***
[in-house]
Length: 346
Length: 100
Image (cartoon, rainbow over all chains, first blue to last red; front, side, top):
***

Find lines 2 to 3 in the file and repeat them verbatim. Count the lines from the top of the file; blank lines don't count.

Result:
Length: 346
Length: 100